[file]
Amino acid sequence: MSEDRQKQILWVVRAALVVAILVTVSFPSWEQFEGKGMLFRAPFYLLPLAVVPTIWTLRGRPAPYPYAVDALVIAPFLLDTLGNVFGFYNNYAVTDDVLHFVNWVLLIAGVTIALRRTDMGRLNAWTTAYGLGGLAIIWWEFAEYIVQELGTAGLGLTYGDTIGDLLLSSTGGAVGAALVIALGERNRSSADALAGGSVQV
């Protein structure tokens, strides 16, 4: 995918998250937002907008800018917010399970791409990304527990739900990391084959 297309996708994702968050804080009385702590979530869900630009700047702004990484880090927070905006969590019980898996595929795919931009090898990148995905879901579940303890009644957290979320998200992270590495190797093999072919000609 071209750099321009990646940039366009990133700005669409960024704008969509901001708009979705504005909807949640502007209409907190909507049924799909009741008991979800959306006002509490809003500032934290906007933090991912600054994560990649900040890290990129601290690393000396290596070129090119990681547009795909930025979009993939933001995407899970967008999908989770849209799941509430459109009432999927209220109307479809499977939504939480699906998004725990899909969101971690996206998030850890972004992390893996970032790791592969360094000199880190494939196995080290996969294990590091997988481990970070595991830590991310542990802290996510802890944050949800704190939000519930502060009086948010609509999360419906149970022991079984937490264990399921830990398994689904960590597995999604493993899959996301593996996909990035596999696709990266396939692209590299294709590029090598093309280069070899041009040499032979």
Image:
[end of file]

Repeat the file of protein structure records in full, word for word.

Amino acid sequence: MSEDRQKQILWVVRAALVVAILVTVSFPSWEQFEGKGMLFRAPFYLLPLAVVPTIWTLRGRPAPYPYAVDALVIAPFLLDTLGNVFGFYNNYAVTDDVLHFVNWVLLIAGVTIALRRTDMGRLNAWTTAYGLGGLAIIWWEFAEYIVQELGTAGLGLTYGDTIGDLLLSSTGGAVGAALVIALGERNRSSADALAGGSVQV
């Protein structure tokens, strides 16, 4: 995918998250937002907008800018917010399970791409990304527990739900990391084959 297309996708994702968050804080009385702590979530869900630009700047702004990484880090927070905006969590019980898996595929795919931009090898990148995905879901579940303890009644957290979320998200992270590495190797093999072919000609 071209750099321009990646940039366009990133700005669409960024704008969509901001708009979705504005909807949640502007209409907190909507049924799909009741008991979800959306006002509490809003500032934290906007933090991912600054994560990649900040890290990129601290690393000396290596070129090119990681547009795909930025979009993939933001995407899970967008999908989770849209799941509430459109009432999927209220109307479809499977939504939480699906998004725990899909969101971690996206998030850890972004992390893996970032790791592969360094000199880190494939196995080290996969294990590091997988481990970070595991830590991310542990802290996510802890944050949800704190939000519930502060009086948010609509999360419906149970022991079984937490264990399921830990398994689904960590597995999604493993899959996301593996996909990035596999696709990266396939692209590299294709590029090598093309280069070899041009040499032979």
Image: